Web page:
Learn More - Alternative Fuels
The Clean School Bus Program is an important part of Connecticut Department of Environmental Protection’s (CTDEP) efforts to reduce diesel emissions from school buses. By using a combination of Ultra Low Sulfur Diesel (ULSD) fuel and retrofitting the school buses with two types of emission control equipment - filters and catalysts. The emission of fine particulates and carbon monoxide are expected to be reduced by approximately 40 percent and hydrocarbons (VOCs) by 45 percent, as well as a small decrease in nitrogen oxides.

The Clean School Bus Program is currently in Norwich, New Haven and Bridgeport, CT.

The Clean Bus Program is an example of one of many steps that need to occur to reduce the amount of pollution we collectively emit every day from our vehicles. For example, if Americans:
  • Raise fuel efficiency standards in American cars by one mile per gallon, in one year, we would save twice the amount of oil that could be obtained from the Arctic National Wildlife Refuge.
  • Raising standards by 2.7 mpg would save enough to eliminate all the oil imports from Iraq and Kuwait combined.
  • Raising standards by 7.6 mpg would save enough to eliminate 100% of our Persian (Arabian) Gulf region oil imports into this country.
    Source: Environmental Attorney Robert F. Kennedy Jr.

There are several alternative fuels and other technologies available for vehicles today that will decrease our dependency on oil and decrease the amount of pollutant emissions.

Vehicle alternative fuels Vehicle alternative fuels Other technologies
Compressed Natural Gas (CNG) Biodiesel Hybrid (gasoline-electric)
Liquefied Natural Gas (LNG) Ethanol Electric cars
Propane or Liquefied Petroleum Gas (LPG) Methanol  
Fischer-Tropsch    

There are several energy sources that can off-set the U.S. dependency on fossil fuels for generation of electricity, including:

Hydrogen
Hydrogen's potential use in fuel and energy applications includes powering vehicles, running turbines or fuel cells to produce electricity, and generating heat and electricity for buildings. Hydrogen is high in energy, yet produces almost no pollution. NASA has used liquid hydrogen since the 1970s to propel the space shuttle and other rockets into orbit, producing pure water as a byproduct.

Hydrogen fuel cells are considered a promising technology for use as a source of heat and electricity in buildings, and as an electrical power source for electric vehicles.


Solar
Solar energy is absorbed by collector cells or photovoltaic (PV) cells that convert sunlight to electricity.

Advantages - It is relatively pollution free, low maintenance, and increasing efficiency.

Disadvantages - It is only available in abundance near the tropics which are relatively cloud free and remote from the places of highest energy demand, and of course not available at night. Solar cell technologies produce DC power which must be converted to the AC power for use in distribution grids, and must be converted into some other form of energy for storage.


Wind
Wind power refers to the extraction of useful energy from the wind by converting the rotation of turbine blades into electrical current by means of an electrical generator. In 2005, worldwide capacity of wind-powered generators was less than 1% of electricity use, however utilizing wind as an energy source is increasing in many areas of the world. U.S. energy studies have concluded that wind harvested in just three of the 50 states could potentially provide enough electricity to power the entire country.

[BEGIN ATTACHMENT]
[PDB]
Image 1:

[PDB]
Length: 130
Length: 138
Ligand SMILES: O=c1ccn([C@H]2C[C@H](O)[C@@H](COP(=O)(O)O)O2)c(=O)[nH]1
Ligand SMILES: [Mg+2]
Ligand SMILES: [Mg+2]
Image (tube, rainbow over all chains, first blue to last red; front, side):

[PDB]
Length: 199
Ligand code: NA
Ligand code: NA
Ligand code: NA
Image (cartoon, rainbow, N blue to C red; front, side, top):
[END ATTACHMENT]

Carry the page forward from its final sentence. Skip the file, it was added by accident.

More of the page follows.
A drawback of using wind power is the issue of intermittent availability. Analysis of energy production shows that half of the energy produced by a turbine is generated in just 15% of the operating time of a turbine. The consequence is that wind energy additional output cannot be supplied in response to load demand.


Geothermal
Geothermal heat can be used to generate electricity. Geothermal power is often referred to as a form of renewable energy, but because the heat at any location can eventually be depleted it is not technically considered renewable. Geothermal power is generated by mining the earth's heat. In areas with high temperature ground water at shallow depths (Iceland), wells are drilled into natural fractures in basement rock or into permeable sedimentary rocks. Hot water or steam flows up through the wells either by pumping or through boiling (flashing) flow.


Hydropower
Hydropower is energy obtained from flowing water. Energy in water can be harnessed and used for this usefulness, in the form of motive energy or temperature differences. The most common application is the dam, but it can be used directly as a mechanical force or a thermal source/sink.
hydroelectric power is probably not a major option for the future of energy production in the developed nations because most major sites within these nations with the potential for harnessing gravity in this way are either already being exploited or are unavailable for other reasons such as environmental considerations.


Nuclear
Uranium, a nonrenewable resource is extracted from mines. Once mined, the uranium ore is processed to create enriched fuel for use in a nuclear power plant. At the power plant, the uranium is bombarded with neutrons, causing the uranium atoms to split (fission) and release both heat and neutrons. These neutrons collide with other uranium atoms and to release additional heat and neutrons in a chain reaction. This heat is used to generate steam, which is used by a turbine to generate electricity.


Extra References
EPA Fuel Economy Program (PDF)
EPA Fuel Options for Trucks and Buses (PDF)